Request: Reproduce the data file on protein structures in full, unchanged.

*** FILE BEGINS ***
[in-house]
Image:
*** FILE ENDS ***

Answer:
[in-house]
Image: